Stay tuned for the next couple of newsletters where I will share the other unique service projects that we participated in during the same trip to Peru.

 

Day 7- Final Day in Cusco

We were up bright and early today for our final service project day. We were only going to be at the Albergue for half a day so that we would have the afternoon to experience the sights of Cusco, do any last minute souvenir shopping and pack since we have an early morning flight back home.
The team was anxious to make more progress today even though we knew the work would have to be continued and finished by future volunteers. It was satisfying to see the structure coming up, especially the log fence which we managed to get up and even paint a few pictures on. The younger volunteers really enjoyed the painting. It gave them an opportunity to leave a personal mark on their hard work and made the fence more fun for the kids at the Albergue.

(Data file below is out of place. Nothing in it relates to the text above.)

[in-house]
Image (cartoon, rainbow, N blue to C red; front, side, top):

We enjoyed another healthy lunch before saying goodbye to all. We headed back to the hotel, showered up and hit the cobblestone streets and main square in Cusco. We really enjoyed the walk, the sights, the shopping, and couldn’t decide where to grab dinner. One of the most beautiful sights was the church at the hotel Monastario. The carvings were so intricate and the colors so vibrant.
Supporting a local street vendor

Our trip to Peru was a lot of fun. We really enjoyed all the sights. Machu Picchu was definitely a highlight, but all the service projects we worked on throughout the week were just as enjoyable, fulfilling and really gave us an opportunity to interact with the local Peruvian people. They are very friendly, grateful and welcoming. I would definitely recommend Peru as a vacation destination with an opportunity to give back….


Share

Day 6- Service Project at Albergue in Cusco